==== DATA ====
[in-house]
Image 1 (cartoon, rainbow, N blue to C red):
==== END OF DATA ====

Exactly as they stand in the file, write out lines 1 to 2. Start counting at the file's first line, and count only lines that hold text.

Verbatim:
[in-house]
Image 1 (cartoon, rainbow, N blue to C red):